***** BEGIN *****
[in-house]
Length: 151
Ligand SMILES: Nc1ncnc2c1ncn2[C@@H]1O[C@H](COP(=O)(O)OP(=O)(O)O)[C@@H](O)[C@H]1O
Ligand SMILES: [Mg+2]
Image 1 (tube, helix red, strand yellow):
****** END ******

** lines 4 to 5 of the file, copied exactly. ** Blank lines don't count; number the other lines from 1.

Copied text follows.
Ligand SMILES: [Mg+2]
Image 1 (tube, helix red, strand yellow):